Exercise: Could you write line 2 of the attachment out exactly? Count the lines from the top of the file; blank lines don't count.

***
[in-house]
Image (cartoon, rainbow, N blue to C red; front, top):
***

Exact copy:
Image (cartoon, rainbow, N blue to C red; front, top):